Distrust in the financial system also has increased demand for bullion products. Due to turmoil throughout the world and ongoing economic problems, distrust in the financial industry has reached unprecedented levels. Since precious metals are seen as a hedge against economic downturns, customers around the world have continued to buy gold and silver. With the squeeze on the bullion market and prices continuing to stay low, investors will continue to buy precious metals, putting more pressure on the market. 

It is not only individual investors and corporations investing heavily in the precious metals market, as governments, such as India, have imported massive amounts of gold and silver to increase their stockpiles. It is estimated India will have imported over 8,200 tons by the end of the year. 

This supply shortage can be seen most clearly when buying bullion products on precious metal websites. Some of the most popular products for investors have been out of stock, and companies have taken a long time to restock their inventory. GoldClub Direct continues to be able to offer some of the most popular bullion products on the market. If you are thinking of following the strategies of governments, institutions, and individual investors worldwide, discover a renowned selection of bullion products on GoldClub Direct.

All Updates and Market info are provided as a third party analysis and do not necessarily reflect the explicit views of GoldClub Direct LLC.. and should not be construed as financial advice.

Precious Metal IRAs in 2022


What is a Self-Directed IRA?

A self-directed IRA is an individual retirement account that offers alternative investments that are typically not allowed in standard IRAs. The main advantage of an IRA is its tax benefits. Standard IRAs only have limited choices as investments, while self-directed IRAs have many more options to invest in. This allows greater diversification of an individual’s portfolio. Popular alternative investments held in self-directed IRAs include precious metals and real estate. The account is administered by a custodian or trustee, but fully managed by the account holder. A self-directed IRA can be either a traditional IRA (tax-deductible contributions) or a Roth IRA (tax-free distributions). 

Investors using a self-directed IRA must understand how they work, as all the responsibility lies on the account holder. The individual must have the initiative and do their own research, as they cannot receive any investment advice from the custodian. For some investments, while using a self-directed IRA, there are many strict rules the individual must follow. If not followed correctly, it can cause higher taxes, something the account is trying to avoid. There is also a fee structure that the individual should be aware of. The extra investment opportunities in a self-directed IRA can lead to more risk, so the investor must be wary of any possible mistakes.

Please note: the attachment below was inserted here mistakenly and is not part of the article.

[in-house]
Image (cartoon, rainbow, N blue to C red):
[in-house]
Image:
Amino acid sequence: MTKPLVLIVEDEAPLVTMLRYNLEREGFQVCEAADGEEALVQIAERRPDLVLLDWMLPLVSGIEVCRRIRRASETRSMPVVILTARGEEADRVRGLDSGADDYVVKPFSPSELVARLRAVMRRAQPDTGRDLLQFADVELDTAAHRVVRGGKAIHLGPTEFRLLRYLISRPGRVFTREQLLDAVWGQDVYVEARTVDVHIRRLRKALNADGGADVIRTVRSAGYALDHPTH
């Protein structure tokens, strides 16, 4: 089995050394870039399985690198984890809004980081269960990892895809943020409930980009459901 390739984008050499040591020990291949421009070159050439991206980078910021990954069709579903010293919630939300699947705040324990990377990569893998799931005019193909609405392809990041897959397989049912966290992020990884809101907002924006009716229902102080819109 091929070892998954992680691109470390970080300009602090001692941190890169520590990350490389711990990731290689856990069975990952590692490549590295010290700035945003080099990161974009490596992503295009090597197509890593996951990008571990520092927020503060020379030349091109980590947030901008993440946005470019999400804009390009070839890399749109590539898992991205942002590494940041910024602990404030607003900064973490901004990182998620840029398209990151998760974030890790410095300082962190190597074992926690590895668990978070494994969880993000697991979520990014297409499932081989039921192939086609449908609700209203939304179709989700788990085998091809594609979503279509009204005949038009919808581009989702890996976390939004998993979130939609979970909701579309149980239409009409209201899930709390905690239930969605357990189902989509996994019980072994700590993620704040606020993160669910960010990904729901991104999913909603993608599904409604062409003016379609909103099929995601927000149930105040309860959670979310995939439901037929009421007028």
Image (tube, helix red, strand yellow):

How Can I open a Self-Directed IRA?

If you are looking to open up a self-directed IRA, GoldClub Direct has a step-by-step guide. To find this guide, go to the GoldClub Direct home page, and at the top of the page is a tab that says Precious Metals IRA. This page will tell you exactly what you need to do to open up an account. This entire process should take just 3 minutes. The steps you will need to take include:

  1. Open an account with GoldClub Direct
  2. Open an account with a trusted IRA custodian
  3. Fund your IRA
  4. Begin purchasing metals for vault storage

What Are The Requirements in a Self-Directed IRA?

As mentioned above, there are two types of IRA accounts you can open, a traditional IRA and a Roth IRA. These two accounts have different tax rules, eligibility requirements, contribution requirements, and distribution requirements.

With a traditional IRA, you receive a tax break when you contribute to the account, but have to pay taxes when you withdraw during retirement. With a Roth IRA, you do not receive any tax benefits during contributions, but when you withdraw, your distribution is tax-free.

Traditional IRAs include a mandatory minimum annual withdrawal once you turn 72, called required minimum distributions (RMDs).  There is no required withdrawal with Roth IRA. With a Roth IRA, once you turn 59 ½ years old, withdrawals are tax-free and penalty-free. You can withdraw your contributions before that age, but if you withdraw your earnings, you will need to pay taxes on that amount. Traditional IRAs are also penalty-free once you turn 59 ½, but you will still need to pay taxes. 

Self-directed IRAs must follow the general IRA contribution limits. In 2021, and 2022 the contribution limit for retirement accounts is $6,000 and $7,000 if you are over the age of 50. This amount increased from $5,500 ($6,500) in 2019. In 2020, they removed the age limit to contribute to both traditional and Roth IRAs. Before 2020, individuals over the age of 70 ½ could not make regular contributions to a traditional IRA. 

Traditional IRAs do not have income limits to contribute to an account, however, there is an income limit for Roth IRAs. This is based on your filing status and income. That information can be found here.  If you would like to find out more information about IRA contribution limits, you can click here